How To Create Your Own Email Domain Address
If you’re looking for the best way to create your own email domain address, then I strongly suggest you keep reading because I am going to share with you my experience and lessons learned from having my own email domain since 2004. In addition to the lessons learned that I share below, I will give you the blue print I used to create my own email domain that works well and consistently at the absolute best possible price.
I have spent hundreds of hours researching how to make online email work and tweaking my email system. Using my system, you can create your own email domain address in less than an hour so you don’t have to spend the time and money I have figuring this out.
You may be wondering why I am sharing this with you. After a lot of struggles figuring out how to get online and how to make my domain email system work, I figured other people would want to know how to do this also, so I partnered with the best company I found to bring you the same service for the same or cheaper prices.
I’ve used dozens of hosting services over the years. However, when I was first getting started I felt I got “taken” by several different hosting companies. I don’t want anyone to have to go through the same frustration I did and I also wanted to provide a value based service to keep the other guys from taking advantage of anyone else. I’ll explain more about what happened to me in my story below.
Until I created this system, I was paying $29.88 a year for the email service used with my domain. This was in addition to the yearly cost of my domain. After researching all the available options, I found a way to configure my email service to just give me the options that I needed. This has saved me a lot of money over the years. For example, unlike most other domain email services, you don’t need to host your domain on my reseller service for your domain email to work. This can save you three to ten dollars a month in hosting fees compared to other services. Of course if you want a website on your domain you will still need hosting, but if you just want a domain email then hosting is not required.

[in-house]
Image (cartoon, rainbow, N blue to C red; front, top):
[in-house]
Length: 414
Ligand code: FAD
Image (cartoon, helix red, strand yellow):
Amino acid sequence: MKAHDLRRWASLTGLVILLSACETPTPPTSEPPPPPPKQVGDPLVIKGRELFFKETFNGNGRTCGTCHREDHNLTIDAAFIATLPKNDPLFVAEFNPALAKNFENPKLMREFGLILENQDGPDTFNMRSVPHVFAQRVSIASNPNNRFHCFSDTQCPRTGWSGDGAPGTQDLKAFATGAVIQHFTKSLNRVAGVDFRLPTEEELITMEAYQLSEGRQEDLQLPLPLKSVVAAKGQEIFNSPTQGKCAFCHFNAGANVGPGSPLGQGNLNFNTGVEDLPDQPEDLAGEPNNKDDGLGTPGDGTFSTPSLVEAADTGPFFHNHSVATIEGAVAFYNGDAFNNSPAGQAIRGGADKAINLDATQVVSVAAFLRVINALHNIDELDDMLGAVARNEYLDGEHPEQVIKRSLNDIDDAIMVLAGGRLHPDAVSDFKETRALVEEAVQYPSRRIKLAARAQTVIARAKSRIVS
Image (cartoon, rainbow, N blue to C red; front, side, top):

This system is completely scalable from one to hundreds of email addresses. If you need a professional or personal email address, than the personal email plan with just one email address is probably the right one for you. It is less than a dollar a month. However, you have the option to get additional email addresses and more online storage for your business if you need to. I’ll talk more about the available email plans in step 2.
I encourage you to look around on the internet for a better deal. (If you find one, please let me know.) I don’t think you will. You can read more about my story and lessons learned below or if you are in a hurry to get your own email domain click here now to go to step 1 of my 3 step guide.
When I first started out online the only option for internet available in my area was dial up service. Over the years I used AOL and several other dial up services. When cable internet became available in our area in 2002 I switched. After switching internet service providers, or ISPs, three times I had had enough of changing email addresses every time I changed my ISP so I bought my first personal domain based email address in 2004 when I had to move for my job. I’ve had a personal email address ever since. In 2007 I started learning how to get online and make websites. I have had dozens of small sites like this one to share what I have learned and to help people out and I set up a custom domain based email address for many of them. Also, in 2013 I added a professional email address based on my first and last name.
After I had this first email address for six years, I switched to a different custom domain name for my personal email for a number of reasons. In my story here I am going to tell you why I switched the domain name used for my personal email and what lessons I learned over the years that will help you get the most out of your own .com email and hopefully save you the hundreds of dollars and the more than 100 hours in research and “redos” that learning them have cost me.